|Falling short: Tokyo Sexwale with Mbalula Fikile and pals|
at the Balon d'Or awards... apparently on the campaign trail
THERE are times when an e-mail drops from a person in authority and you just can't grasp how this bloke actually got the job. When you read the words of somebody who should know better and wonder if he actually knows ANYTHING about his role. Or life in general.
Friday was one of those days. This is, word for word, the extraordinary statement I received from South Africa’s Minister of Sport Fikile Mbalula with regard to Tokyo Sexwale’s aborted bit for the FIFA Presidency on Friday.
“In the aftermath of the election of FIFA President yesterday, we take our hats off to one of our own, Tokyo Sexwale, who fought a good fight and stood head and shoulders with the Titans of world football. We are deeply encouraged that as a country we have produced capable leadership who have the tenacity, the stature and the capacity to contest leadership roles such as the one for FIFA President.
“Tokyo Sexwale represented us well, carrying the South African flag high among the nations of the world. He may not have won the election of FIFA President, but he won the race as a capable leader whose magnanimity will continue to do us proud for generations to come. He gave us a voice and made us count as a country and as a continent. We may not have won the FIFA Presidency this time around, but Africa’s moment to lead world football will come.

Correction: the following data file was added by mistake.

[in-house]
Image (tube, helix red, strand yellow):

“Our heartfelt congratulations to Gianni Infantino, the new President of FIFA. He assumes the mettle at a time world football is desperate for leadership that is able to steer the ship through troubled waters. We have no doubt that Gianni Infantino is the man for the job, and has the skill, the staying power and the capacity to take FIFA to new heights and restore its dignity. His humility and track record gives us comfort that world football has entered a new era full of hope and promise for a better tomorrow.”
Read the above, you might think the billionaire Sexwale campaigned like a US Presidential candidate, visited all our African neighbours to thank them for their nominations, and came within a whisker of becoming the most important man in world football.
But of course, he didn’t. Though right up to Thursday night, Tokyo was telling us how brave he was, how he’d battle on despite a lack of support at home and in Africa, that he would DO THE RIGHT THING and test the favour of the 207 voting nations.
But no. Much as he has in the past, when push came to shove for a presidential role, Sexwale ran for the hills, leaving his supporters red-faced and confounded.
Sexwale left it UNTIL HIS FINAL SPEECH to the extraordinary FIFA congress to drop his bombshell. He gave a measured, well-prepared chat, relaxed, almost slouched. He listed his campaign promises - mostly revolving around sponsorship and footballing justice for Africa - before suddenly revealing “My campaign ends here, good luck to the other four candidates.”
It was a bombshell. A last-minute capitulation. Perhaps Sexwale had been hoping for another round of pre-election arrests in Geneva, like the last FIFA presidential election. Or maybe he suddenly realised, even as the would-be emperor faced his footballing jury, that HE HAD NOT CLOTHES.